Tuesday, March 11, 2014

March 11, 2011

Already three years have passed since that date, and I still remember it like it was yesterday. I was living in Osaka at the time, having recently moved there from Shikoku. That afternoon, at 14:46, I was sitting in the staff room at work, cutting out some shapes for an upcoming craft, along with two other teachers. There was no shake, but major swaying that lasted for several minutes. No one really knew what was going on- until I checked the news on my phone, and there it was.

What ensued were some of the strangest, surreal weeks of my whole life. Realizing the proportions of the disaster, feeling unable to help, anxious and isolated, not knowing what would happen next. Even though Kansai was fine, I could not sleep for days, refreshing the news, hearing different things from both Japan and abroad. Many of my Tokyo friends came down to Kansai and it felt like having family around, but deep down I could not shake that feeling of isolation and that incident made me feel paranoid for a long time. Yet I could not imagine ever leaving Japan, the place I had made my home.

My experience is absolutely nothing compared to what others went through: losing homes, family members, friends, watching their whole lives being washed away. Last year, I had the opportunity to visit the town of Ishinomaki, and met some people that opened my eyes and changed my life, such as Abe-san*, who lost several family members, her home, her business, and all her belongings, yet still smiled and welcomed us with open arms, sharing stories and insisting on preparing a meal.

The most disturbing part is that not much has changed, three years following the disaster. The affected area is still very much devastated, 267,000 people still live in temporary housing and other makeshift facilities, and thousands of people are still missing. It angers me to see how the Japanese government seems to be more interested in the upcoming 2020 Olympics than the recovery of that area- it's shameful, really. It seems like very little is done to clear up the debris and build homes and encourage people to build businesses again. Instead, Japan is all about getting excited for those Olympic games, and talking about re-starting those leaky nuclear reactors.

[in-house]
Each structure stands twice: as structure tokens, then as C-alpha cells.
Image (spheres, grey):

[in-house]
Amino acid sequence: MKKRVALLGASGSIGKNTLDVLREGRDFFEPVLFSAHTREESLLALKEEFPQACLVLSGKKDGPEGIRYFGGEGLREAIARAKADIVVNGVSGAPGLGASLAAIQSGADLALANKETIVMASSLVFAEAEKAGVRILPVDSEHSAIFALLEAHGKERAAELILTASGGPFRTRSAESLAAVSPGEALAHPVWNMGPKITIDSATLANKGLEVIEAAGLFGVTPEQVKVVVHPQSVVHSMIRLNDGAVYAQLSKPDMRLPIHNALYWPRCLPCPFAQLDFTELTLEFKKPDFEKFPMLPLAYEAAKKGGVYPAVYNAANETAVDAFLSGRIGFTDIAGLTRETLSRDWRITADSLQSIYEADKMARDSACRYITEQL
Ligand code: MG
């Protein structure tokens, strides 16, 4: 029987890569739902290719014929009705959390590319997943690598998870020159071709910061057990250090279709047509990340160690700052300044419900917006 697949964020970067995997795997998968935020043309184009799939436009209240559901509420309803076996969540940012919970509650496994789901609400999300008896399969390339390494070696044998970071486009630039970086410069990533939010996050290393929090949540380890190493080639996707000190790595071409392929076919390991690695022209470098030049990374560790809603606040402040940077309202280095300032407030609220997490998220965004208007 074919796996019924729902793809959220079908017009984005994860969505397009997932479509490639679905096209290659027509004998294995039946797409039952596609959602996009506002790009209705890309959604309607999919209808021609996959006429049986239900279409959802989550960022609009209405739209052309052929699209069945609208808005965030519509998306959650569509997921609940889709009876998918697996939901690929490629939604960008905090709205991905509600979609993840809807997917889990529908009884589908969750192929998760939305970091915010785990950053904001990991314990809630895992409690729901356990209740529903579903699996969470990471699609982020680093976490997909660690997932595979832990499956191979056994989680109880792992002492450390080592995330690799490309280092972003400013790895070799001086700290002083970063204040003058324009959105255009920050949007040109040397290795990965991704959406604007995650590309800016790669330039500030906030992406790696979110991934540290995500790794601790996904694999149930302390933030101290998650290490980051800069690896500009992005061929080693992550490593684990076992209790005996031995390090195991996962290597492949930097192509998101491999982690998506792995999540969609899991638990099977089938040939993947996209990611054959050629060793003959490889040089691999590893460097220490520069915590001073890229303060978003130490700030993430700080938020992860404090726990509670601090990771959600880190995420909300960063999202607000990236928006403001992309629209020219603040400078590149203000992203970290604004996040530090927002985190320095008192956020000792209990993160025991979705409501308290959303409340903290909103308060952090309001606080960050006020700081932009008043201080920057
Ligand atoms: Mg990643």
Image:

Tohoku still needs lots of help, and I wrote about how to contribute, in any way, from anywhere in the world.

My thoughts go to everyone in Tohoku who experienced loss and are still struggling with loneliness, isolation and sorrow. Let's not forget.

Last year, with Abe-san in Ishinomaki

*You can support her and local fishermen by buying products from her shop.


Quyen Nguyen said...

Wow, that is absolutely terrible. I didn't realize that things have not changed there. We don't get that information here in the States. Thanks for sharing how to help out!

Christine said...

How unfortunate that a lot of people are still in temporary home after 3 years!

What happened to all the aid money?

Vivian said...

Indeed- I think most media stopped caring, but it's still a disaster zone and residents there feel forgotten :(

Vivian said...

Yup, unbelievable. Japan can build apartment building in like, weeks, but nothing is happening in tohoku. I think the money is there, but not being used... Or being used to fixed those leaky nuclear reactors? Who knows... It's scary.